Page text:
Here he appears as a simple (acoustic) quartet. In an early example of crowdfunding, the following blurb on the back:
"Money makes this world go round and so this album would not be in your hands today if it were not for the 400 sponsors visualized on its cover. They all believed this album deserved to be realized and they put their minds where their hearts are."
Instead of this, he should have patented the concept, created gofundme, and become a silicon valley billionaire. Or he could have come up with the idea of hiring a bunch of idiots to drive their own cars and pretend like they're taxis, then make billions not calling them taxis. Or, even easier, borrow billions of dollars from the bank to make a rocket to fly to Mars next year. Or maybe lease office space and then sublease it to other people and pretend it's all his, instead of just all borrowed from banks, or rather, one bank. And make billions of dollars. Or even easier, invent a new way for people to message each other on their phones and make billions of dollars. Another really successful and original idea would have been to make a site where people can upload stupid videos of themselves acting like idiots. That's a guaranteed winner, every second of the day. Every single day, today. But no, being a musician, he would never do any of that. He just wanted to make virtuoso music, and that didn't bring in much money at all.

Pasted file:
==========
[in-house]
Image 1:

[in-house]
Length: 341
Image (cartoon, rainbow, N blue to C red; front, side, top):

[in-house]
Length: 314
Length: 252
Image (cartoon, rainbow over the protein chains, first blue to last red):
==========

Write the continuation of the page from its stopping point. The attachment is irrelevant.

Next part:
Going back to that subject, the one we love so much, which has also brought us no billions of dollars at all and instead has cost us quite a bit in invested LPs and time, what we have here is basically free jazz, un-fusion, perhaps not essential in the way the preceding album was. As an example track B2, Time:
I'm not sure those crowdfunders got their money's worth, considering the album is just over thirty minutes, and simple contemporary jazz with the mandatory automatic instrumental soloing 'by the numbers'-- a job that soon will be accomplished entirely by jazz-musician-robots (or a programmed AI) anyhow. What a wonderful future we have to look forward to. And for those many who are so optimistic about that subject, which I've made of fun of so often before, I wonder what they think of the following headline I read today taken from JAMA (US life expectancy drops for the third year in a row). Not a surprise for all of us in the US and other countries which will soon suffer the same sad fate with increasing income disparity, lowered standards of living, increasing opioid addictions, starting to suffer the many inevitable stressors of climate change.
Sadly, I threw in two other albums from him that are not worth mentioning too much about.